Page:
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dc.contributorCooper, Carol
dc.contributor.authorLopez, Diego
dc.date.accessioned2022-09-22T20:56:06Z
dc.date.available2022-09-22T20:56:06Z
dc.date.issued2022-04-14
dc.identifier.urihttps://hdl.handle.net/10657/11729
dc.description.abstractThe Spanish discovery of the New World was one of the most consequential events in the development of the idea of human rights. The first contact between Spaniards and Native Americans marked a moment in history in which two groups, who had no prior knowledge of each other and differed in race, culture, and religion were forced to interact with one another. Often, these interactions were marked by ruthless brutality. In this project, I investigate the evolving European views of humanity and rights by analyzing the Short Account of the Destruction of the Indies by Bartolome de Las Casas and the lectures of Francisco de Vitoria, On the American Indian and On the Law of War. I have identified within these authors’ works, an instance in which rights language evolved to handle the new questions of humanity and natural rights prompted by the barbarity of the Spanish Conquest of America. Through the horrors of the conquest a framework of essential rights was revealed to Las Casas and Vitoria which was based upon their belief in the universality of mankind.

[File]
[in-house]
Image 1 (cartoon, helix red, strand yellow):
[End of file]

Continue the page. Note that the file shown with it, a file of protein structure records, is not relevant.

dc.language.isoen_US
dc.relation.ispartofMellon Research Scholars Program
dc.titleNative American Rights in the New World: A Spanish Perspective
dc.typePoster
dc.description.departmentPolitical Science, Department of
dc.description.departmentHonors College


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